It’s not the kind of stuff you’d expect to hear at a developer’s conference, but in an age of widespread government spying and cynicism about corporate slogans like “Don’t be evil,” AltConf highlights that programmers are often presented with moral choices. There’s a growing awareness in the coding community that although the activity of programming is benign, what’s created can be used for evil. Take Maciej Cegłowski’s talk last month in Germany, which has been widely discussed on the Web. Cegłowski argues — convincingly — that the utopian ideals of the early internet have been thoroughly corrupted, and the entire industry is “rotten.”

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9 things every Apple fan should do at WWDC 2014

Coding marathons, packed parties and more fanboys than should be legally permissible in one building await developers when Apple’s Worldwide Developers Conference kicks off in San Francisco next week, and while the conference is serious business for most devs, who says you can’t have a little bit of fun too?

WWDC rips into high gear with a keynote on June 2nd followed by days of coding sessions, high-profile speakers, hands-on labs and tons of get togethers for developers of all sizes and backgrounds.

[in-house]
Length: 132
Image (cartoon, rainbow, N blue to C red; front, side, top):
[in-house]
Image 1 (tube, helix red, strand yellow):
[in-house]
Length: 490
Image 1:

Sneaking in time to tour San Francisco is nearly impossible thanks to the stuffed scheduled at WWDC and nearby AltConf, but whether you’re coming to WWDC as a first timer or a seasoned vet, here are nine things every Apple fan must do at least once while visiting the Bay Area.

No WWDC Ticket? Check Out AltConf Instead

The indie dev lab at Altwwdc 2012.

If you didn’t win the lottery for Apple’s World Wide Developers Conference, you’re in good company. For the third year in a row, AltConf is hosting a get-together for the rest of us.

Formerly called AltWWDC, the conference will boost Fog City’s already-high nerd quotient by hundreds of developers who didn’t get the golden tickets. AltConf will be held in parallel to WWDC at the Children’s Creativity Museum in Yerba Buena Center near Moscone West — which means that haves and have-nots will be waiting at the same stoplights and heading to the same bars after hours.